In recent weeks I have been considering how and why my photography has developed over the past couple of years. In doing so I have come to appreciate the importance of projects. In this post I will write about a few examples and illustrate how they have impacted on my photography and how they might help you in the future.
The age old expression that ‘every picture tells a story’ may still hold true, but with millions of photos being uploaded to the web on a daily basis, via Instagram, Flicker, Facebook, Twitter (I could go on) ….. the world is now saturated with images. Whilst I still enjoy making and sharing ‘single’ shots’, my own feeling is that there is much greater value in a body of work which includes some form of narrative; hopefully a story contained within a set of images which makes viewing the work more meaningful and dare I say it, more pleasurable for the viewer. A story behind the image is far more difficult to achieve from just a single back lit picture viewed on a screen in the space of a few milliseconds, whereas a printed body of work is likely to hold the attention of the viewer for a longer period of time. These bodies of work may take the form of a panel, a photographer’s portfolio, part of an exhibition or published in a book.
Projects don’t have to be large and very time consuming – some can be accomplished over a weekend and consist of just a few images, but I do accept others can take months, years, or even be the work of a lifetime. Whatever their scale there is a sense of purpose to a project, and out of one project another may be born, all of which adds to the enjoyment and excitement. There is also much more satisfaction in the completion of a project as the time, effort, research, planning and thinking required is so much greater.
Let me illustrate this point by using a personal example. A couple of years ago I was inspired to start a project on Churches and in the intervening period I have visited many of these beautiful buildings, made photographs and shared them on this blog. After a while I began to think that some of the images I was making could form the basis for a panel of work which might be worthy of an Associate submission to The Royal Photographic Society. So out of one project, another project came about and in April I was awarded a Distinction. The ‘Churches Project’ is still ongoing although it has been a while since I posted anything on this blog. I have though recently created a Google Map plotting where I have been and pins to show the locations of churches I would like to visit in the future.
I also have another project this year – a public exhibition which takes place in November. I am one of a small group of photographers and we have called ourselves ‘The Image Circle’. Deciding what to exhibit was never going to be easy but last winter, on more or less a daily basis, I walked our dog around Chichester Harbour. I nearly always had my camera with me and took a few frames of anything which I found interesting. A project in it’s own right but initially I did not know where it might lead. Over a period of a few months I amassed a large collection of images capturing the landscape in all its various moods. It soon became apparent that I had the makings of a body of work from which I could select a series of images for the exhibition.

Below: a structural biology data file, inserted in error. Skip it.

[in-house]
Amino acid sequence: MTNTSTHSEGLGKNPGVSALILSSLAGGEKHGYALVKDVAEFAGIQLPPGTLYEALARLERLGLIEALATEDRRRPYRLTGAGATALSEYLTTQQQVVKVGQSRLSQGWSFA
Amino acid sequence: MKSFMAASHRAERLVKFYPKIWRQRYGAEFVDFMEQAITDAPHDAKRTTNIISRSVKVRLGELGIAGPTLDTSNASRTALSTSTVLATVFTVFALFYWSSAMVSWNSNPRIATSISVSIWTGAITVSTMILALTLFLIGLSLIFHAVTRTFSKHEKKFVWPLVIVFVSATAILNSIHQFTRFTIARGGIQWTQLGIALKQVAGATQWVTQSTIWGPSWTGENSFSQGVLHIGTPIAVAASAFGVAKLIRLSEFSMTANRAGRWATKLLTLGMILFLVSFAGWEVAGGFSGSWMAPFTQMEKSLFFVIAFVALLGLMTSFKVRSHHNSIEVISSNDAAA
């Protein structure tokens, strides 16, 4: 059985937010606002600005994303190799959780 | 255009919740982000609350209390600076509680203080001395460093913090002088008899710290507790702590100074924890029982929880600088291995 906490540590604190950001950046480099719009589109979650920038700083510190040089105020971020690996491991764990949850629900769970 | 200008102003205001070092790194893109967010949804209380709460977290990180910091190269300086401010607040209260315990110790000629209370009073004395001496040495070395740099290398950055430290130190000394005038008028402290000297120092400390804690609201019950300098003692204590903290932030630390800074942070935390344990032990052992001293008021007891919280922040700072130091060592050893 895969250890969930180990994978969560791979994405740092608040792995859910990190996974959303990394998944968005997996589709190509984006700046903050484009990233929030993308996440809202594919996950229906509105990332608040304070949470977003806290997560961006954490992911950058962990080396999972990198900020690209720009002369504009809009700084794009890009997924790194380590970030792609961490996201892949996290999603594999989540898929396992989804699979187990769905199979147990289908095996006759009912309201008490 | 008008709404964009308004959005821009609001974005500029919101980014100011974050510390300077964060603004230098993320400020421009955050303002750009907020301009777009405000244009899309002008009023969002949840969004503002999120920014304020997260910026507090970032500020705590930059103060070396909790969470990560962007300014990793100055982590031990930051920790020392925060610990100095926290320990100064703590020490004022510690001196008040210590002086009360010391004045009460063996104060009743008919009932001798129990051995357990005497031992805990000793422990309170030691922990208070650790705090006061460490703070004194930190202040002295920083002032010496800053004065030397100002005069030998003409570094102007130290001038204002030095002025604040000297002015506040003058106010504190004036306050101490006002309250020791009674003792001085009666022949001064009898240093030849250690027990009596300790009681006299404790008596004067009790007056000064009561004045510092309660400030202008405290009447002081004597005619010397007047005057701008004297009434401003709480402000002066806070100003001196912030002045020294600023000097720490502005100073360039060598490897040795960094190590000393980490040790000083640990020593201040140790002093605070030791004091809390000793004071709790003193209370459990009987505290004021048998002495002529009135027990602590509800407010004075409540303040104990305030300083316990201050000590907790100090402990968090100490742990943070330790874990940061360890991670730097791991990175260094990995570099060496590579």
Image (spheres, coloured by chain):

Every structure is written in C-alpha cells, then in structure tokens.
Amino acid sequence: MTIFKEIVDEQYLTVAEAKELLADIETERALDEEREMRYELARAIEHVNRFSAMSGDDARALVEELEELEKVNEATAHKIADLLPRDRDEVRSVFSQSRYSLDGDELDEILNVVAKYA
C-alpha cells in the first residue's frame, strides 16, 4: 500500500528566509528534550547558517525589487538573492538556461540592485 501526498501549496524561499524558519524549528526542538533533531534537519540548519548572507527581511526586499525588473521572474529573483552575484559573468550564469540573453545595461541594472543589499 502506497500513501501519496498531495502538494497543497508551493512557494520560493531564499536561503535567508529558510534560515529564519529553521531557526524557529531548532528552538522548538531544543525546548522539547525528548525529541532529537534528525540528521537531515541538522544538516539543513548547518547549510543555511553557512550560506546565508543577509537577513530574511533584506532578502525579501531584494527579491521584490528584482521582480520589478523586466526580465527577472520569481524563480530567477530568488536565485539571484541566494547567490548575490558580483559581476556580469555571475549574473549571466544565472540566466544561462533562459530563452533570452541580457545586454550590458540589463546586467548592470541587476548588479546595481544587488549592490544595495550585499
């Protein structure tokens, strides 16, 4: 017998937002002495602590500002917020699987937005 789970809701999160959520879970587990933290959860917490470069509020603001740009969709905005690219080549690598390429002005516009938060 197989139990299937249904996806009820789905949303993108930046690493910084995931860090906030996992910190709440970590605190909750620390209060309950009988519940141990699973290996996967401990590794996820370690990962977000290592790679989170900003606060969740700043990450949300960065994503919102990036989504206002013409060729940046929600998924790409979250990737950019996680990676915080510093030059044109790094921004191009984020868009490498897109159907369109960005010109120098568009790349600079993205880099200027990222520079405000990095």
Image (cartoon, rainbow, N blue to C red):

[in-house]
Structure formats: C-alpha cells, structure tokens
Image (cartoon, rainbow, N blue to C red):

In preparation for the exhibition I would need to explore price and framing options, so earlier in the year I approached a local framer, Reframe of Chichester. I took along examples of my ‘Churches Project’ for the owner Terry Hancock to see. Both he and his wife Nicola liked this work and a few weeks ago they asked me if I would like to display a few of these photographs at an exhibition he was curating at their studios. I jumped at the opportunity, as this would be another, albeit unplanned project. I decided to show A2 size prints and these were soon passed over to Terry for framing. The ‘New Art of The South Downs’ exhibition concluded last Saturday and of the seven prints on display four were sold. Naturally I was delighted with this outcome. Its a strange thing but two totally different projects have somehow managed to come together in the most unexpected way. The whole process has also been an invaluable experience ahead of the exhibition in November.
I will finish by saying that this blog is now in its sixth year and I recently posted the 300th entry; an average of just over one post every week. Without me realising it, the blog is a project, with each entry arguably being a very small project in its own right. I will continue to share images in this way although I suspect the content may differ a little in the future. In order for my photography to develop further I believe I will need to spend more time planning, preparing and pursuing the projects I want to work on and I hope this will provide me with some interesting content for the blog in time to come. In other words prioritising what I do, but at all times making sure it remains pleasurable. After all this is my hobby, it’s not my job.